March 23, 2011

Sungei Merah Bridge 1901-2011

This post is dedicated to all the missionaries and Foochow and Heng Hua elders who lived in Sungei Merah. And to my Grandfather's descendants.




A very old photo which could have been taken by Rev James Hoover in 1903 is often wrongly ascribed to Sungei Merah for a long time by me. But after being pointed out by Local Historian, Wong meng Lei, the photo is now confirmed to be the Methodist Church shop house  in Old Street in the early 1900's.. However the photo is a good indication of how the Foochows built their shop houses in the early 1900's in Sibu.

Sungei Merah is remembered by the Foochows warmly. The first Easter Sunday was held here when they  arrived with Wong nai Siong in 1903. Bishop Warne of Singapore accompanied them from Singapore to give them moral and spiritual support.

Within  a few months Sg. Merah had 4 attap hostels for the new Foochow "agriculturalists" (Sarawak Gazette) and Wong Nai Siong and his people had already built some houses like the ones above. 1 -Home of the Hoovers. 2 - Jetty (doh tou) 3 - boat or prahu used by the Hoovers when they went travelling down the the villages like Ensurai. 4 -  Ing Hua School Hostel. The small wooden  bridge across Sg. Merah had already been built. It had a covered portion (ting)  to protect the travellers from the sun and the rain. Really good idea....Foochows and later the Heng Huas  (1912) would walk to Sibu where the Hokkiens and Cantonese had their little wooden shops already.

My Grandfather Tiong Kung Ping and his brother Tiong Kung Eng and their father, Tiong King Sing, were among those who started out their new lives in Sarawak in this way in 1903. They were in the second batch and were allocated to move to several different parts of the Rajang Delta. Whatever land they could "open" up, the Rajah Brooke would grant them a title. perhaps that is how the word "Nga Rang" or GRANT  became a Foochow term. (Land title)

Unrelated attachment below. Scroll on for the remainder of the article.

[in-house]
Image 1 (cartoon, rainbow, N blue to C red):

Several photos could tell the history of Sungei Merah Bridge very simply.

1940's Sungei Merah

Compare the above photo with the one below. Almost from the same angle. The one above was probably taken in 1940's. with two windows on the roof level.. There are eight big windows on the first floor in the front which probably means that there were only four shops.

2011 Sungei Merah

This is the modern block of the Sg. Merah Methodist Philanthropic Association Building.



1960's - 1970's  Sungei Merah.

 1960's Sungei Merah compared with my latest  March 2011. The bridge here has been improved by this time.but it still has the bicycle lanes which is indeed heart warming. This is during my grandfather's life time. The first wooden shop house by the river riverside facing the camera, was owned by my grandfather's cousin, Tiong Kiew Dieh. He was one of the kindest men I have ever known in my life.

March 2011....A bazaar which has a heart for cyclists!! This should be a real resort city......and one that has a lot of history. Sungei Merah now is developing fast with more than 8 new blocks going up between the river and the old airport.

2011 Sg. Merah Bridge (my own photo)

The bicycle lane is still there!! Well done to the committee who designed the bridge!! Thank you.